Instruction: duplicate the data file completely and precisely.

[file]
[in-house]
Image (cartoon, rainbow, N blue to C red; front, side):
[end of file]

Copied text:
[in-house]
Image (cartoon, rainbow, N blue to C red; front, side):